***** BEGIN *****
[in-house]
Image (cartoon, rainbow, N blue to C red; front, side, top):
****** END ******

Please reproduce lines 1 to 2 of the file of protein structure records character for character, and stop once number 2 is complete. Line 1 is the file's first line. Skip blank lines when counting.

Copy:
[in-house]
Image (cartoon, rainbow, N blue to C red; front, side, top):